Friday, 19 June 2015

The Western Playland (and of Sorrow)

Ivor Gurney
Ivor Gurney
On Wednesday 17 June 2015, I heard my third setting of AE Housman’s Is my team ploughing? in less than two weeks. Having already heard both RVW and George Butterworth’s settings (sung by Nicky Spence and by Johnny Herford), I caught up with Ivor Gurney' setting. At an afternoon concert at the Royal College of Music the young baritone Mark Nathan performed Ivor Gurney’s setting of the poem as part of a complete performance of Ivor Gurney’s song cycle The Western Playland (and of Sorrow) which formed part of the programme for Mark Nathan’s final recital as part of his degree at the college. 

Mark Nathan
Mark Nathan
Accompanied by Paul McKenzie, Mark Nathan gave a programme of songs loosely themed around war. They started with the premiere of Paul McKenzie’s The Charge of the Light Brigade, and then moved on to two of Hugo Wolf’s Morike-Lieder before they were joined by a string quartet made up of Wilford Goh, Jessica Coleman, Anastasia Sofina, and Andrew Harsely, to perform the Gurney cycle.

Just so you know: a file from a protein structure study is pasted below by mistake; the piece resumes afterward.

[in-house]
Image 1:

After Ivor Gurney had heard RVW’s On Wenlock Edge in 1919, he was impressed enough to write his own song cycle setting AE Houseman for the same forces, tenor, piano and string quartet. The cycle was Ludlow and Teme, and the work was met with an enthusiastic reception, so Gurney decided to follow the cycle up with another one. This time setting AE Housman for baritone, piano and string quartet, combining new songs with re-workings of songs he had already written. The cycle did not seem to meet with the same success as the previous one. It had its first performance at the Royal College of Music in 1920, and a manuscript exists in the RCM archive, and it finally reached publication in 1926 by which time Ivor Gurney was already in a mental institution. The two versions have significant differences, and Mark Nathan used a recent edition which takes elements of both. What is interesting about the cycle is the way that Gurney’s use of tonality is far more unstable than in his earlier music and some passages are almost Bergian. In fact, chatting to Mark after the recital he was saying that it is a work which does rather polarise people with some not liking the work at all. It is a fascinating cycle and certainly would seem to be worth more of a regular airing.

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